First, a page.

Museums and a Performance Artist Grapple With Chuck Close’s Work

The artist Chuck Close has been accused of sexually harassing women and pressuring them to pose naked.

As the debate rages on about what should be done with the work of artists accused of improper behavior, the Pennsylvania Academy of the Fine Arts in Philadelphia is taking what might be considered a middle position on Chuck Close, the acclaimed artist accused of sexual harassment by several women. Instead of closing its exhibition of career-spanning photographs by Mr. Close, the museum announced this week that it will leave the show up — but will also add a nearby gallery examining power imbalances between genders.

This comes as several top institutions are grappling with how to handle Mr. Close’s work. On Tuesday, the artist Emma Sulkowicz turned her attention to Mr. Close (and Pablo Picasso) by staging protest performances at the Metropolitan Museum of Art and the Museum of Modern Art, seeking to put pressure on their directors. Seattle University removed a self-portrait by Mr. Close valued at about $35,000 from its Lemieux Library, a move first reported by The Stranger. And the National Gallery of Art last week postponed a solo exhibition by Mr. Close that was supposed to open in May.

Officials at Pennsylvania Academy, which is also a school, said they immediately started discussing what to do with Mr. Close’s exhibition after HuffPost and The New York Times published stories in December detailing accusations that Mr. Close made unwelcome comments to several women that he was considering as models and pushed them to pose naked. Mr. Close has called the allegations “lies.”

The traveling exhibition, which opened at the Pennsylvania Academy of the Fine Arts in October and was organized by the Parrish Art Museum in New York, features 90 photographs taken by Mr. Close dating to 1965. It is set to close on April 8. At a community forum with senior executives, board members, faculty, students and others on Jan. 17, a consensus was reached, museum officials said: Create a new gallery.

“My team and I wanted to be future focused,” said Brooke Davis Anderson, the director of the museum. “We are deeply entrenched in this time of hearing stories about power and gender and abuse of power against genders. We wanted to look forward to what that knowledge can do to shape a future of equity.”

The new, concurrent exhibition will feature pieces from PAFA’s permanent collection as well as an interactive, physical timeline. It will run from the present day to around 2050, and anyone who views the exhibition will be able to submit ideas on how to achieve equality in the art world.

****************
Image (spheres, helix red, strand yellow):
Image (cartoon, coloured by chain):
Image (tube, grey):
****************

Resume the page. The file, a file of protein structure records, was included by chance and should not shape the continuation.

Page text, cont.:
Other art institutions are being pressured to take down Mr. Close’s work entirely.

The artist Ms. Sulkowicz gained national attention when she dragged a 50-pound mattress around Columbia University’s campus for a year to protest how the school had handled her charge of rape against a fellow student. On Tuesday, dressed only in underwear and self-applied asterisks, Ms. Sulkowicz went to the Met Museum with her friend, the photographer Sangsuk Sylvia Kang, and stood in front of one of Mr. Close’s paintings.

They also went to a subway station displaying murals by Mr. Close and to MoMA, where Ms. Sulkowicz posed in front of “Les Demoiselles d’Avignon” by Picasso, a known abuser of women.

Ms. Sulkowicz, who has a show coming up at the Invisible Dog Art Center in March, said she was inspired to take a stand by an article in The New York Times on Sunday that questioned whether museums would now have to provide information about artists who have been accused of misconduct — the equivalent of an asterisk. Museum directors in the article said that it was important to distinguish the value of the art from the behavior of the artist, and that historically important works by the likes of Mr. Close are worth keeping.

“I just wished I could say to each of the museum directors: ‘If it had been your daughter who had been affected by Chuck Close and Picasso, how could you look her in the eye and say, Sorry, we’re keeping the painting and the painting matters more than my relationship to you,’” Ms. Sulkowicz said. “In saying that, they are privileging a stupid painting over the experiences of survivors, and that to me is really abhorrent.”

At the Met, Ms. Sulkowicz said two guards summoned a security supervisor, but that she and her friend left before any supervisor approached. The Met declined to comment.

MoMA said in a statement, “We respect the rights of individuals to speak out on issues they feel strongly about, and recognize that museums are important centers of debate and conversation.”

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